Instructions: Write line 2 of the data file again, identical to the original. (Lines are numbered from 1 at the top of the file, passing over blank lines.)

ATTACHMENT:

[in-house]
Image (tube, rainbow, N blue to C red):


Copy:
Image (tube, rainbow, N blue to C red):